Group Cites Prisoner Abuse by 82nd Airborne
LIANE HANSEN, host:
Soldiers in the Army's elite 82nd Airborne Division beat and abused prisoners in Iraq during 2003 and 2004 according to a report by Human Rights Watch. The organization based its report on information provided by three former members of the 82nd Airborne. NPR's national security correspondent Jackie Northam joins us.
Jackie, elaborate a little bit on the details of the report. What's in there?
JACKIE NORTHAM reporting:
It talks about how soldiers based at the Forward Operating Base in Fallujah, which is just outside of Baghdad, systematically routinely beat and abused Iraqi detainees that were being held there. They called them PUCs--P-U-Cs--people under control. They talked about making them exercise in the ferocious heat to the point where the detainee would just simply pass out. There was one incident that's highlighted in this report and it talks about how one of the soldiers who was a cook actually beat a detainee with a baseball bat and it broke the detainee's legs. And now what's interesting about that and so many of the incidents here is that it seemed in one sense that they were beating and abusing these detainees to get information out of them, intelligence out of them, but on the second hand, they were doing it just to pass time, just to release some of their frustrations, you know, that build up, you know, sitting out at the base or having to go out on patrol.
And the other thing that's very interesting about this is these incidents all took place before and during all the incidents that came to light out of Abu Ghraib and the investigation that was going on at that time. You know, the report says even though, you know, it's always been--the administration has always said, `This is just the work of a few rogue soldiers,' Human Rights Watch actually questions that because again here we have another situation away from Abu Ghraib where this sort of abuse is taking place.
HANSEN: Now how authoritative is this report? As I said in the introduction, it was based on information provided by three former members of the 82nd Airborne.
NORTHAM: Well, that's right. They are three former members. There's a captain and two sergeants, so an officer and two non-commissioned officers. And they gave all the information, as you said, to Human Rights Watch. Now, Human Rights Watch has a very good record since the start of the conflicts in Afghanistan and Iraq for coming out with detailed reports that have turned out to be both damning and accurate about the mistreatment of prisoners in US custody. So the other thing that's very interesting about this report is that the captain, he tried--he says in the--the information that he gave Human Rights Watch, that he tried for 17 months--you know, he approached his chain of command both civilian and military and nothing was done and it was only when he was starting to take the information to two senior members--with the Senate Armed Services Committee, that's when, you know, the Army decided it was going to look into it.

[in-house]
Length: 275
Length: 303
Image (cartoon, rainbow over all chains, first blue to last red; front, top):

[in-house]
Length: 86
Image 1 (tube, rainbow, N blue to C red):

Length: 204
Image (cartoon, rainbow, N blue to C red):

HANSEN: Now has the military, the Army responded?
NORTHAM: Well, the Army says it is now looking into all these allegations right now, and so they'll do that. And the Army has always said, `Lookit, we take any credible allegations and we investigated them.' In fact, you know, they have investigated 300 criminal investigations and, you know, dozens of people have been disciplined, but, you know, nobody higher than very low-level soldiers have ever been really disciplined in this and that's always been one of these things that have really stuck with people because all the investigations and inquiries have been done by either the military, so the military investigating the military, or by a panel that was, you know, brought on by the military.
HANSEN: So where would this investigation go from here?
NORTHAM: It's very difficult to say. It might go the same way. It might launch an inquiry, but Human Rights Watch, many, many other groups like that, are saying, `Lookit, we need something along the lines of 9-11 Commission. There's just too many reports like this, you know, from captains, sergeants, officers, non-commissioned officers, that we can't keep ignoring it. We have to have an independent commission to really look at this stuff.'
HANSEN: NPR national security correspondent Jackie Northam.
NORTHAM: Thank you.
HANSEN: You're listening to WEEKEND EDITION from NPR News.